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Old Railroads


Old Railroad Timeline
Railroads and their suppliers created a variety of souvenir and promotional pieces paying homage to early American railroading. Paperweights like this were especially popular.
Railroads and their suppliers created a variety of souvenir and promotional pieces paying homage to early American railroading. Paperweights like this were especially popular.
John B. Corns

1800:

Quarry tramways are introduced in the United States.

1815:

John Stevens receives a state charter for a tramroad in New Jersey.

1818:

Stevens is granted a charter to build a railroad in Pennsylvania.

1826:

The Granite Railway near Boston opens as the first U.S. railroad to carry passengers and freight.

1827:

The Baltimore & Ohio Railroad is chartered to build a railroad between the Atlantic seaboard and the Ohio River in western Virginia, a distance of more than 350 miles.

1830:

The B&O inaugurates the first regularly scheduled passenger trains in the United States -- coaches hauled by horses for a distance of 13 miles.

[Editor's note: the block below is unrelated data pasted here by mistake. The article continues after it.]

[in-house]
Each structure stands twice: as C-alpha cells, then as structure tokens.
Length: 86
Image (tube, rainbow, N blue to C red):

By year's end, the South Carolina Railroad begins offering regularly scheduled, steam-powered passenger service; a railroad boom commences nationwide.­

1835:

The B&O Railroad's Washington Branch opens, providing the first rail line to the nation's capital.

1837:

Henry R. Campbell completes the first 4-4-0 locomotive; later named the "American" type, it became the most popular nineteenth-century locomotive.

1844:

Samuel F. B. Morse makes the first successful tests of his "magnetic telegraph," inaugurating the age of instantaneous electronic communication over long distances.

1852:

Railroads open routes from New York to Chicago and across the Allegheny Mountains to make connections with midwestern railroads and the Ohio and Mississippi Rivers.

1854:

Congress hires surveyors to locate possible rail routes to California.

1857:

Financial panic temporarily halts most railway construction. Regional disputes lead to talk of civil war.


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